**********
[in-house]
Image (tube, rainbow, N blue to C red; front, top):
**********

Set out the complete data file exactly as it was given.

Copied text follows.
[in-house]
Image (tube, rainbow, N blue to C red; front, top):